Date
20 October 2017
Paul Shieh has set an example by speaking truth to power. Photo: EJ Insight
Paul Shieh has set an example by speaking truth to power. Photo: EJ Insight

Hongkongers should speak up against Leung invasion of campus

Paul Shieh Wing-tai SC, the former chairman of the Hong Kong Bar Association, recently gave an interview to Cable News during which he mentioned some simple and widely known facts about the rule of law.

His remarks created a heated discussion among the public.

As the old saying goes, “moms are female”. What Mr. Shieh did was simply reiterate some universal truths about the rule of law and be candid about the present state of affairs in Hong Kong.

Why were we so startled by what he said? The reason is that we have confused lies with truth so much in recent years, and fewer and fewer people have had the guts to step forward and call a spade a spade.

Thanks to underground Communist Leung Chun-ying, who rose to power three years ago in collaboration with certain factions in Beijing and the indigenous Communists in Hong Kong, our core values have been shaken and turned upside down, and it has become harder and harder to tell the truth from lies.

Since Leung became chief executive, Hong Kong has become more and more like just another mainland city, and the boundary between the two systems in the “one country, two systems” principle is increasingly blurred.

The principles of a “high degree of autonomy” for the city and “Hong Kong people ruling Hong Kong” have been superseded by “Hong Kong Communists ruling Hong Kong”.

However, when we look back in time, we can see that Leung is no more than a proxy, and the root of all evil in fact lies in the rise of a syndicate made up of the Liaison Office of the Central People’s Government in Hong Kong, national chauvinists, Maoist fundamentalists and some bigwig capitalists in the mainland.

After the July 1 march in 2003, when half a million people took to the streets, the Communist Party was so afraid of the rise of the masses that it secretly adjusted its policy on Hong Kong and began to intervene actively in the affairs of the special administrative region.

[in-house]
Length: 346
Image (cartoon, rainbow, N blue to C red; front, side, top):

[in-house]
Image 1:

First, the Hong Kong and Macau Liaison Task Force, led by the then vice-president, Zeng Qinghong, was formed.

Then Cao Erbao, an official in the Liaison Office of the Central People’s Government in Hong Kong, put forward a theory that advocated the setting up of a “second power center” in Hong Kong, providing the necessary theoretical foundation for the escalation of Beijing’s intervention in the city’s affairs.

Taking advantage of this radical policy shift, the liaison office seized the opportunity to expand itself. It now has seven duty directors and more than a thousand people on its payroll.

The office also has 24 different departments under its command, several district offices across Hong Kong and 17 properties in its name, which makes it like a miniature government.

When Leung assumed office, he was ordered to transform the minds of our young people through the implementation of ideological education in our schools.

Although Leung eventually withdrew the proposed national education syllabus — which caused so much anger among students, parents and teachers — in 2012 under the orders of the liaison office, which feared that it might damage the election prospects of the pro-Beijing camp, some of the content of the syllabus has been resurrected in some schools under disguised names, and insidious brainwashing is underway in many classrooms.

In one primary school, the Primary 6 students were ordered to compose an article on the subject “The Person I Respect Most”, and Leung Chun-ying was designated as the only person they could write about.

The Hong Kong Army Cadets Association, founded last month, is just another example of how communist propaganda is invading our schools.

Of course, the biggest shock came from the recent concerted effort between Leung and the liaison office to lambast Undergrad, a publication of the Hong Kong University Students’ Union, in his policy address and launch Cultural Revolution-style attacks on Professor Johannes Chan Man-mun of HKU’s faculty of law in an attempt to stop him from being appointed as a pro-vice-chancellor.

Much to the dismay of the public, not only the mainstream media but HKU’s management, its alumni, its teachers and its students remained largely silent in the face of Leung’s relentless political attacks.

To make matters worse, the vice-chancellor, Peter William Mathieson, has so far refrained from taking a stand on this matter and remains indecisive about holding an inquiry into whether the government has interfered with the official nomination process for the pro-vice-chancellorship.

Only a handful of academics dared to stand their ground in defense of the academic freedom and integrity of HKU and published a co-signed open letter online.

Their effort to stand against government interference in the university’s autonomy was doomed to be a damp squib, unfortunately, as they were given the cold shoulder by local media.

While a sentiment of indifference and apathy has become prevalent among the general public, Mr. Shieh has set a good example to others by speaking his mind openly.

Only by encouraging more people to come forward and speak the truth can we prevent our society from going further down the path of moral degeneration.

This article appeared in the Hong Kong Economic Journal on Feb 18.

Translation by Alan Lee

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FL

Hong Kong Economic Journal columnist

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